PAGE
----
vim + pathogen + git submodules

As part of PyCon Au this weekend I did a lot of hacking on my laptop, which is not something I’ve done for a while, given how much I used to hack on my laptop. I was frequently getting annoyed at how my vim config wasn’t the same as it’s currently on my work desktop.

Back in uni, I used to keep my dotfiles in revision control on a machine I could connect to. All I needed was my ssh agent and I could get all my config.

Recently, when wanting to extend my vim config, people’s pages tell me to do it through vim pathogen, which I didn’t have set up.

Also there have been times when people have asked for my vim setup, which I wasn’t easily able to provide.

Given all of that, I decided it was time to rebuild my config using pathogen + git submodules from the ground up. As part of this, I updated quite a few plugins, and started using a few new things I hadn’t had available without pathogen, so it’s still a bit of a work in progress, but it’s here.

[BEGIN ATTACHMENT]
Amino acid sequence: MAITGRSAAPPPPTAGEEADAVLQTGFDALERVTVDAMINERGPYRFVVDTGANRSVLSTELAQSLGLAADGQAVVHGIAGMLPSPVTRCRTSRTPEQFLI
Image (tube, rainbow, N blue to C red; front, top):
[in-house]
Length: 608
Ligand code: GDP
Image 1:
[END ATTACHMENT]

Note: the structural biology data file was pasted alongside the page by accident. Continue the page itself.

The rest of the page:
Installing new plugins is easy with git submodule add PATH bundle/MODULE_NAME.

If you’re a vim user, I strongly recommend this approach.

Author: Danielle

Danielle is an Australian software engineer, computer scientist and feminist. She doesn't really work on GNOME any more (sadly). Opinions and writing are solely her own and so not represent her employer, the GNOME Foundation, or anyone else but herself.

3 thoughts on “vim + pathogen + git submodules”

  1. General consensus nowadays is to use Vundle instead of Pathogen. Some of the reasons are: No submodules but a specification in your .vimrc (e.g. Bundle ‘tpope/vim-fugitive’), disabling a plugin requires only outcommenting the Bundle line and a user friendly command line interface (e.g. BundleInstall, BundleUpdate …). So, as a vim user, I strongly recommend _this_ approach ;-).

  2. Hi Danielle,
    Thank you! for your post.
    I have recently installed vim on my laptop,
    and the information you provided along with the comments 🙂
    would surely be very useful.

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Creative Commons Attribution-ShareAlike 2.5 Australia
This work by Danielle Madeley is licensed under a Creative Commons Attribution-ShareAlike 2.5 Australia.